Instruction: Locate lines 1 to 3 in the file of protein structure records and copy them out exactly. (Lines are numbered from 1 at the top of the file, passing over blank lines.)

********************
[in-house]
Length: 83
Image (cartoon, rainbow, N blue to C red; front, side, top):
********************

[in-house]
Length: 83
Image (cartoon, rainbow, N blue to C red; front, side, top):